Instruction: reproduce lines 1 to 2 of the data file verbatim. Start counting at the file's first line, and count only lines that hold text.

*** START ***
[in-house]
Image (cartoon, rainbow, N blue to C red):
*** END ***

[in-house]
Image (cartoon, rainbow, N blue to C red):